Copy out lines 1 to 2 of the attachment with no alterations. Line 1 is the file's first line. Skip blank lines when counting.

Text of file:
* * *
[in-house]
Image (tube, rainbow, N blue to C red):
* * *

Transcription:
[in-house]
Image (tube, rainbow, N blue to C red):